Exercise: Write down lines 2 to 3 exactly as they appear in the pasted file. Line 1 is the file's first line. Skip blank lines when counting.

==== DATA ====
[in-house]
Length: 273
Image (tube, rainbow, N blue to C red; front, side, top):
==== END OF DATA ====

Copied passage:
Length: 273
Image (tube, rainbow, N blue to C red; front, side, top):